Huebsch Released Pending Sentencing for Burnt Ranch Homicide

A photo memorializing Adrian Rael sits atop the fireplace of his friend’s home./TRT file photo.

By ALLIE HOSTLER, Two Rivers Tribune

After more than a year of holding a not guilty plea for the murder of Willow Creek resident Adrian Rael, Donna Huebsch claimed self-defense and accepted a plea deal on January 8 offered by the Trinity County District Attorney for the lesser charge of involuntary manslaughter.

Friends of Rael reported him missing on August 15, 2012 and rumors circulated that Rael had been shot to death in Burnt Ranch on Huebsch’s property. A neighbor called the Trinity County Sheriff’s Office to report a possible homicide after he was asked by Huebsch to help dispose of Rael’s body.

Donna Huebsch was accused of killing Rael, and 16 months later enters guilty plea for involuntary manslaughter, an offense that can carry a 2-4 year prison sentence and/or probation./Photo courtesy of Trinity County Sheriff’s Office.

That same night, deputies questioned Huebsch and searched her residence and the surrounding area. They did not find any evidence of a shooting at that time. But, six days later, on August 21—after Rael did not surface and rumors ran rampant throughout the Burnt Ranch, Hawkins Bar and Willow Creek communities—deputies served a search warrant at Huebsch’s home and Rael’s body was located dumped near Huebsch’s home. She was arrested and booked on murder charges on August 21, 2012.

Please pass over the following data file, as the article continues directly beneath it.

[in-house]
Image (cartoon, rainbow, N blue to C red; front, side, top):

According to Trinity County District Attorney Mike Harper, Huebsch had three different defense attorneys working her case over the past 16 months. She recently hired a fourth, Arcata-based Russell Clanton.

“It was recently brought to light that she admitted to the crime the day after Rael’s body was discovered,” Harper said. “Her fourth attorney turned over a motion of discovery that revealed important information.”

Harper said that Huebsch’s self-defense story would have brought about 30 additional defense witnesses to testify.

“I wish we would have had this information a year ago,” Harper said.

Although both the prosecution and the defense would not allow the TRT to see the actual motion of discovery, Harper said it outlined Huebsch’s story of self-defense.

“The victim was a friend of hers who apparently became aggressive with her,” Harper said, “Her story was reasonable and made sense, so with that new information it was determined that the crime was involuntary.”

So, why hide the body?

Harper said he believes Huebsch, and others were surrounded by a “drug culture” of sorts and that she feared retaliation.

“She asked a neighbor to help dump the body, he refused. That’s how we found out about the crime in the first place. I think that’s why she lied to the police. She was afraid of retaliation and I think that’s reasonable. It certainly doesn’t make it okay, but it was a reasonable fear,” Harper said. “Perhaps she would have been assaulted or maybe worse.”

Huebsch is scheduled to be sentenced on February 26 at 9 am at the Trinity County Courthouse in Weaverville. Harper said involuntary manslaughter carries either a probation sentence or 2-4 years in state prison. He added that

Huebsch has about 16 months of time served with good behavior which can be counted as 32 months of time served.

Huebsch’s defense attorney, Russell Clanton declined to talk with the TRT about the case. And phone calls from the TRT to Huebsch’s home were not answered.

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January 30th, 2014

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